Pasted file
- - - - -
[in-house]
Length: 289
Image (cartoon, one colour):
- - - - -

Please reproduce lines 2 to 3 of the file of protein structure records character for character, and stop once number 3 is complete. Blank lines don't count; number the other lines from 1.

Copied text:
Length: 289
Image (cartoon, one colour):